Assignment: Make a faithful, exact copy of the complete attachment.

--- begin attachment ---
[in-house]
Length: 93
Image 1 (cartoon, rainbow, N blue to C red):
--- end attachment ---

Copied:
[in-house]
Length: 93
Image 1 (cartoon, rainbow, N blue to C red):